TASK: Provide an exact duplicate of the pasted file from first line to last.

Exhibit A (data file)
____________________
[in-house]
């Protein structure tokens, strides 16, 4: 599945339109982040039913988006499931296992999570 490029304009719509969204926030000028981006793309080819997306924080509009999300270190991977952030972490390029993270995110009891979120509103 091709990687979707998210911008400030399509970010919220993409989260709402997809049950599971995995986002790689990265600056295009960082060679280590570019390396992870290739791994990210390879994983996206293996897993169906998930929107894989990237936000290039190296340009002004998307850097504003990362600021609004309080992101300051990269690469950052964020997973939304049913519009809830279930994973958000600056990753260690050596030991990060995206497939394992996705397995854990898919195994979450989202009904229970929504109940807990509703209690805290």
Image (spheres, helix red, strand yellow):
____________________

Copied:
[in-house]
């Protein structure tokens, strides 16, 4: 599945339109982040039913988006499931296992999570 490029304009719509969204926030000028981006793309080819997306924080509009999300270190991977952030972490390029993270995110009891979120509103 091709990687979707998210911008400030399509970010919220993409989260709402997809049950599971995995986002790689990265600056295009960082060679280590570019390396992870290739791994990210390879994983996206293996897993169906998930929107894989990237936000290039190296340009002004998307850097504003990362600021609004309080992101300051990269690469950052964020997973939304049913519009809830279930994973958000600056990753260690050596030991990060995206497939394992996705397995854990898919195994979450989202009904229970929504109940807990509703209690805290």
Image (spheres, helix red, strand yellow):